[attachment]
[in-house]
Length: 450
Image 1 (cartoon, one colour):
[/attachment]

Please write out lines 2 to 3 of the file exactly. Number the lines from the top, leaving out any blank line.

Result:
Length: 450
Image 1 (cartoon, one colour):